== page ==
WEST DES MOINES, Iowa (AP) — New Jersey Gov. Chris Christie is facing new pressures in Iowa, a state where some already view him as too moderate for socially conservative caucus voters.
Many of Christie's competitors for the Republican presidential nomination appealed to Iowa caucus-goers last weekend, when freshman Sen. Joni Ernst's "roast and ride" arrived in Boone.
Christie, however, was not among them. He returned to Iowa for the first time in three months this week. It's not clear anyone had missed him.
But that doesn't seem to worry Christie.
"I've always been received extraordinarily well here," Christie said. "I suspect if I decide to go forward, you'll see me a lot more once my legislature goes out of session June 30."
During a two-day swing through the state, Christie delivered an education speech, stopped at a popular restaurant, addressed a county GOP dinner and held the first of his signature town-hall style meetings.
Blaming his absence on duties in New Jersey, Christie said he did not believe others had gained ground since he was last in Iowa in March. It was an argument that made sense to Sherill Whisenand, co-chairman of the Republican Party of Polk County, which held the dinner where Christie spoke Thursday evening.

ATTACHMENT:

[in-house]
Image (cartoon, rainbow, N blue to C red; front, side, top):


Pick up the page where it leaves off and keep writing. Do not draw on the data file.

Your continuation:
"We could grouse about how we never see him Iowa, but the truth his he's got a job and we understand that," Whisenand said.
At that dinner, Christie drew laughter and applause from more than 100 people crowded in a hotel ballroom as he talked about his upbringing and touted his executive experience and direct style.
"You'll never have to say 'I wonder how he's thinking,'" Christie said. He told the crowd that they could expect "no surprises, no games, none of that."
Christie sounded increasingly like a candidate during his visit. On Thursday, he announced his most trusted government aide, Maria Comella, would be leaving to join his political action committee — the surest sign yet that he is ready to jump into a race that already features 11 major Republican candidates.
Christie has spent significant time in Iowa in recent years and has raised money for elected officials, including GOP Gov. Terry Branstad. Supporters think that groundwork, coupled with Christie's talent for retail politics, gives him a shot to do well in the state.
He is also building a well-respected team and has been working behind the scenes, courting people like Joni Scotter, 73, a Republican activist from Marian who is among the most courted in the state. Scotter said she is torn between Christie, former Florida Gov. Jeb Bush and Wisconsin Gov. Scott Walker. She said Christie called her this week to offer her well wishes because she had been sick. She said he could connect in Iowa if he put in some time.
"When people get face up, nose to nose they really like him," she said, adding, "I think he isn't as conservative as people might like, but I like him just fine."
Still, Christie appears much more focused on New Hampshire, where he's made near-weekly visits in the past few months. In addition to being closer geographically, the state is also seen as more welcoming to less socially conservative Republicans.
Colvin reported from Newark, New Jersey.
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